However, we also determined that the defendant's progress toward competency must be reviewed within 90 days of commitment.  (Amonson, supra, 114 Cal.App.4th at p. 473, 7 Cal.Rptr.3d 831.)   We noted the United States Supreme Court's holding in Jackson that “ ‘ “a person charged by a State with a criminal offense who is committed solely on account of his incapacity to proceed to trial cannot be held more than the reasonable period of time necessary to determine whether there is a substantial probability that he will attain that capacity in the foreseeable future.”  ’ ” (Amonson, at p. 472, 7 Cal.Rptr.3d 831, quoting Jackson, supra, 406 U.S. at p. 738, 92 S.Ct. at p. 1858, 32 L.Ed.2d at p. 451, italics added by Amonson.)   We also noted that the provisions in sections 1370 and 1370.1 for a 90-day review of progress toward competency were added by the Legislature to comply with Jackson's reasonableness requirement.  (Amonson, at pp. 472-473, 7 Cal.Rptr.3d 831;  §§ 1370, subd. (b)(1), 1370.1, subd. (b)(1).)   In addition, these statutory amendments provide that if the 90-day report “indicates that there is no substantial likelihood that the defendant will regain mental competence in the foreseeable future,” the defendant must be returned to the committing court for civil commitment proceedings. (§ 1370, subd. (b)(1);  see also §§ 1370, subd. (c)(2), 1370.1, subds. (b)(2), (c)(2).)

Although the defendant in Amonson was found incompetent based on a developmental disability, the statutory provisions for a defendant found incompetent based on a mental disorder are nearly identical. (§§ 1370, 1370.1.)   Consequently, despite the provision in section 1601, subdivision (a), for a minimum confinement period of 180 days, defendant's progress must be reviewed by the trial court after 90 days to determine whether there is a substantial likelihood he will gain competency in the foreseeable future.   If there is such a likelihood, defendant must remain confined pursuant to the mandatory provisions of section 1601, subdivision (a).   However, if there is no substantial likelihood that defendant will regain competency in the foreseeable future, he must be returned to the committing court for civil commitment proceedings. (§ 1370, subd. (b)(1).)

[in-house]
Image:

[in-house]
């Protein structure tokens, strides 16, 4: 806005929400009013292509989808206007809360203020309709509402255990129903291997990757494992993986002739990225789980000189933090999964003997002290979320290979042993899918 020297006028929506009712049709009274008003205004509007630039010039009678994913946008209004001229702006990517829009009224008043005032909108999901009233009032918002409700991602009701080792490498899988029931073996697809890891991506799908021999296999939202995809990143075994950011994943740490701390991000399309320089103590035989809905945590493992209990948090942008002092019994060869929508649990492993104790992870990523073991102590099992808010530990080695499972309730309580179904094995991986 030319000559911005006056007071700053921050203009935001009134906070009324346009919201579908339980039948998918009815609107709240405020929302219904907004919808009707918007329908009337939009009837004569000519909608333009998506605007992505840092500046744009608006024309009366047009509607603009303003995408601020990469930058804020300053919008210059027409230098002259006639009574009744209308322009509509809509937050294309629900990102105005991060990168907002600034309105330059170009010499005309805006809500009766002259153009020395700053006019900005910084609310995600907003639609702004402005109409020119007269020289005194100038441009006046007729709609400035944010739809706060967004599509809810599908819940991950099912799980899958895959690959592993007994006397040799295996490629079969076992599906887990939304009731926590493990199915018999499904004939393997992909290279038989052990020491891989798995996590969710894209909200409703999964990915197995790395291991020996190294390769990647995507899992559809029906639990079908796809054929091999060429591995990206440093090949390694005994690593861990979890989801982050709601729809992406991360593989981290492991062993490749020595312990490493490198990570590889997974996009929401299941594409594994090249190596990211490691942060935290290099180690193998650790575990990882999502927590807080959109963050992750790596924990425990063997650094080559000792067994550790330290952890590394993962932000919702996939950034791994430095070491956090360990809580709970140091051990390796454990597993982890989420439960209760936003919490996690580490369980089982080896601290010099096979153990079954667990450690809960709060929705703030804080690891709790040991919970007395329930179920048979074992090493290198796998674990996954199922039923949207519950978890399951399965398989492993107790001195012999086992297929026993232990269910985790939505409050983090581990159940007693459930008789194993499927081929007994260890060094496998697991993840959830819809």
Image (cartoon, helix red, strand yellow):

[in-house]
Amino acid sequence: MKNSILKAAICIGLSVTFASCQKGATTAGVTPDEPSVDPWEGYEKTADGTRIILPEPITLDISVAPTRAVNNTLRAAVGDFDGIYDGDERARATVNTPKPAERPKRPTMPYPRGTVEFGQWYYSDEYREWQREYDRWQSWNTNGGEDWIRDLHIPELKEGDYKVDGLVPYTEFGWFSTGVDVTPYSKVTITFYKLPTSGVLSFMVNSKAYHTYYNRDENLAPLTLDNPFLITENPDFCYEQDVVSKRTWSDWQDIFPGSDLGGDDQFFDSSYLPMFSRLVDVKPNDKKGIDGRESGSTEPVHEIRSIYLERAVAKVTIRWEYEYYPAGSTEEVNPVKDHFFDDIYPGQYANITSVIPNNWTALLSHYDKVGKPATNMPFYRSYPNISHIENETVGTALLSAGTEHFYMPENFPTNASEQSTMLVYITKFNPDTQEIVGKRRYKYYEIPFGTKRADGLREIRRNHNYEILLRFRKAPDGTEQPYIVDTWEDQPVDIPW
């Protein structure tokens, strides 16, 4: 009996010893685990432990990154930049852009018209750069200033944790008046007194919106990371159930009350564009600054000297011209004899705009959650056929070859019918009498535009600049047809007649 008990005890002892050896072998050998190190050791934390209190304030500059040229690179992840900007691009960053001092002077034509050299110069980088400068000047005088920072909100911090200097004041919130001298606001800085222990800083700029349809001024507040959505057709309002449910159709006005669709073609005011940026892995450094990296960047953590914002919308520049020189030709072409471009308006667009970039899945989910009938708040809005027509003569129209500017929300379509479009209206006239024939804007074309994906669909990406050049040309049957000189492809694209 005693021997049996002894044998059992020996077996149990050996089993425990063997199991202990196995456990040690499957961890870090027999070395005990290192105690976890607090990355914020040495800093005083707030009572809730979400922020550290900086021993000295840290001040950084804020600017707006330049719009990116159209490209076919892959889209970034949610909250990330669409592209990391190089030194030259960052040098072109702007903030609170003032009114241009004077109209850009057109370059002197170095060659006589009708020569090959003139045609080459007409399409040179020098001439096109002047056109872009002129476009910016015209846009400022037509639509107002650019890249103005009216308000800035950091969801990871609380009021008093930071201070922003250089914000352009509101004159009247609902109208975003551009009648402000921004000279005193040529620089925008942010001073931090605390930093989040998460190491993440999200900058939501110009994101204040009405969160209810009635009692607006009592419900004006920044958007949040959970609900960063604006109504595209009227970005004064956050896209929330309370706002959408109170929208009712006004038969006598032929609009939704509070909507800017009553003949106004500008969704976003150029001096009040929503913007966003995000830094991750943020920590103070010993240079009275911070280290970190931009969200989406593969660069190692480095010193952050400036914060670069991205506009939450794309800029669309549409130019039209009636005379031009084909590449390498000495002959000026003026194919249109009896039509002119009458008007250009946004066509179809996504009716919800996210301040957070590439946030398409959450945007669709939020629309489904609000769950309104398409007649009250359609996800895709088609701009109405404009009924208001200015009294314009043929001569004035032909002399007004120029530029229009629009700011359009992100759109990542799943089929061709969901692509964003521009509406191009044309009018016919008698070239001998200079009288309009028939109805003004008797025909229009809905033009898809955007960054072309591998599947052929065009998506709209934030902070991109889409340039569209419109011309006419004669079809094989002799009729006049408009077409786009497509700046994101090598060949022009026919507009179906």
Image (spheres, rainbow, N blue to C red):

DISPOSITION

Let a peremptory writ of mandate issue directing the trial court to vacate its order placing defendant in alternative placement and to enter a new order directing that defendant be delivered to a state hospital or other secure treatment facility in accordance with the views expressed herein (§ 1601, subd. (a)).

FOOTNOTES

1.   Undesignated statutory references are to the Penal Code.

2.   Section 290, subdivision (a)(2), lists the offenses for which a defendant is required to register as a sex offender upon conviction.

BUTZ, J.

We concur:  DAVIS, Acting P.J., and HULL, J.